An alarming task force report led by former Secretary of State Condoleezza Rice and Joel Klein, the former chancellor of New York City’s school system, has just revealed that 30% of young high school graduates don’t qualify to serve in the military because they don’t do well enough in math, science, and English and 75% of young adults are not capable of serving in the military because of inadequate education, criminal records, or are simply physically unfit.
Ms. Rice called this our greatest national security challenge, and said
that leaving large swaths of the population unprepared is a major public crisis that threatens to divide Americans and undermines the country’s social cohesion, as well as innovativeness and competitiveness.
But first…we must read. Everything else follows. And if we can’t…it doesn’t. Reams have been written about how to teach reading, but classroom textbooks remain essentially unaltered. Why is this so?
According to Beverlee Jobrack’s new book “Tyranny of the Textbook,” today’s textbooks are direct contributors to the country’s mediocre education performance. They are based on design and superficial features, not because they are based on how children learn and how well they promote student achievement. She contends that with only three companies publishing 75% of the K-12 educational materials, there is little competition. She writes, “Those three companies are producing similar programs with the same instructional strategies, none of which require teachers to change their practices significantly.”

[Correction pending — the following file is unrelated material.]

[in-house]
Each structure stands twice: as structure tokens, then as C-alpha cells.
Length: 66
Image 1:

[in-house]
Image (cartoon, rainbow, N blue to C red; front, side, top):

There are ready-to-use, inexpensive texbooks available that complement today’s classroom teaching methods, fill in the gaps, and make them much more effective. Tutoring programs using these texts with older children are having spectacular results (see www.dorbooks.com, phonics-talk newsletters, vol. 30) as are teachers of very young children (www.dorbooks.com, phonics-talk newsletters, vol. 11). A free checklist of a good phonics program is available at www.dorbooks.com, Free Downloads, “Fourteen Points of a Good Phonics Program.”
Isn’t it time to connect the dots and do something about it? What are we waiting for?